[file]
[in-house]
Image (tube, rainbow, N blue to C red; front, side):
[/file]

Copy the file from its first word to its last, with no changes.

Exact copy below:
[in-house]
Image (tube, rainbow, N blue to C red; front, side):